Md. vs. Va.

March 18, 2004

MARYLAND IS a high-income, low-unemployment state that rakes in federal dollars. So is Virginia.

Maryland faces a big long-term budget deficit. So does Virginia.

Maryland's political leaders are at a stalemate over how to solve the problem. So are Virginia's.

But as usual, the two neighbors aren't in concert: Maryland leaders are arguing about legalizing slot machines to fill the budget hole; Virginia's are debating adding billions of dollars in new taxes over the next two years. Slots aren't on the table there.

That's right. Virginia, long held up by some Marylanders as a model of tax resistance, has been talking about raising both its state sales tax and its income tax on top earners. As detailed by Sun reporter David Nitkin, the contrasts with Maryland run deeper: Virginia Democratic Gov. Mark Warner proposed $1 billion in new taxes, but state Senate Republicans then came back with an even bigger tax package.

Right now, Virginia's total tax bite per $1,000 in personal income is just slightly less than Maryland's, according to the Tax Foundation. But of course Maryland Gov. Robert L. Ehrlich Jr. is clinging to his no-new-taxes promise - even to the point of refusing to restore $16 million in state taxes on snack foods. From their respective poles, both states can learn a lot from each other:

In Maryland, Mr. Ehrlich ought to take a look at Mr. Warner's still-high approval ratings. Perhaps adding 1 percent to the Maryland sales tax rate - as we've proposed - wouldn't be such a political liability, particularly as part of a comprehensive solution to funding the Thornton education plan. A Sun poll in January found state support for that.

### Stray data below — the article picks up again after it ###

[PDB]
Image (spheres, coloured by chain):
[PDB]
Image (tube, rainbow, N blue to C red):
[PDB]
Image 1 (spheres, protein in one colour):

In Virginia, political leaders - wary of going back 50 years when Maryland casinos lined the Potomac River border - ought to be on high alert. There's no drive for slots in Virginia right now, but just wait: If Maryland gets slots, this relentless industry will push south. Just as slots in West Virginia and Delaware led to claims that Maryland is losing too much money across its borders, Maryland slots would set up Virginia as the industry's next domino.

The slots bill just passed by the Maryland Senate doesn't just seek Marylanders' gambling dollars, but also bucks from Washington and Virginia. That, of course, is why there could be two slots parlors in Prince George's County, including one right on the Potomac at National Harbor.

Virginia beat back a move for legal gambling in the 1990s, and it hasn't come up since. "We're too smart for that," says a Northern Virginia Republican, Del. Robert G. Marshall, who last year sponsored a resolution that passed the Richmond House, 90-7, urging Maryland to keep gambling away from the Potomac.

This year, there has been no such resolution, but Virginia is still taking very seriously the slots threat from Maryland. In turn, Delegate Marshall, who sits on the Interstate Commission on the Potomac River Basin, has a threat for Maryland: "If Mr. Ehrlich puts slots in Maryland, it would poison the well on the other side of the river" - threatening the two states' cooperation on matters such as the Potomac and the Chesapeake Bay. Marylanders can add that to the long list of big costs entailed in legalizing slots.

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